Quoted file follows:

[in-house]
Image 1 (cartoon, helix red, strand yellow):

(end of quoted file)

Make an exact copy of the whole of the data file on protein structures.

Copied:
[in-house]
Image 1 (cartoon, helix red, strand yellow):